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Steel investor sues Bengal over coal

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By SAMBIT SAHA
  • Published 19.06.10
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Calcutta, June 18: A steel investor has taken the Bengal government to court over the allocation of coal mines to two big companies, alleging “total lack of transparency” and raising questions on how long firms can sit on natural resources when a project gets delayed.

Shyam Sel & Power has filed a writ petition in Calcutta High Court calling into question the handover of mines to Sajjan Jindal’s JSW Bengal and the Calcutta-based Jai Balaji Group.

The case is unusual as few investors have sued the government on a policy issue such as resource allocation. The legal outcome will be keenly watched by investors as several players like Jindal, Bhushan, Kalyani and Videocon had shown interest in metal and power in Bengal, throwing up proposals valued at nearly Rs 1 lakh crore.

The petition, which has been admitted by the court, has sought a directive to cancel the distribution of five coal blocks to JSW and Jai Balaji and redistribute them afresh. The two groups have seven blocks but two have been allocated by the Centre.

Shyam Sel, a mid-sized player with an annual turnover of Rs 3,500 crore, has proposed a steel-cum-power project in Burdwan. The company said it had started construction at the Burdwan site but it had not been allocated coal blocks, essential for running the plants.

The company’s case hinges on the contention that Jindal and Balaji have been allocated coal blocks but they have not yet used the fuel reserves.

In its reply, the government said the mine allocation was done in line with its coal policy, mainly on the ground that Balaji and Jindal approached the state ahead of Shyam Sel. Shyam Sel had signed an agreement with the Bengal government in February 2008, while Balaji had done so in October 2007 and Jindal in January 2007.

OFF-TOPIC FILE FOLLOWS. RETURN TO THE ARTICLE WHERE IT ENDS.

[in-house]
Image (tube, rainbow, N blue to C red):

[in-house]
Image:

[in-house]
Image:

But a Shyam Sel official said: “We have made actual investment and are readying to commence production but we have no coal. Balaji and Jindal have done nothing on the ground but have got mines.”

Bengal industries minister Nirupam Sen — Shyam Sel’s project falls in his pocketborough Burdwan — said the company’s demand could not be met.

“They want us to take away the mines from Jindal and Balaji and give these mines to them. If the state does that, the other two will also go to court. The government cannot go back on the agreements with Jindal and Balaji even though I feel for Shyam Sel,” Sen told The Telegraph.

The minister said Jindal had delayed its projects by a year because of the global slowdown. “I had to be lenient with them. One must also look at the profile of the investors. Jindal is one of India’s largest. Moreover, they plan to build India’s largest plant in our state,” he said.

The minister said Jai Balaji got around 1,100 acres only recently and its project was on track.

The minister said timelines did exist on how long a company can hold reserves but did not elaborate.

The Bengal government has promised Shyam Sel coal from a block whenever the Centre agrees to give it to the state agency, the West Bengal Mineral Development & Trading Corp. The government conceded that a promise had been made but pointed out that there was no firm commitment.

The Bengal government has not received any coal block after December 2007, though the state has been expecting nine such blocks for some time now.

Debanjan Mandal, partner of Fox & Mandal, the solicitor for Shyam Sel, said: “My client is aggrieved by the government action but I cannot comment further since the matter is sub judice.”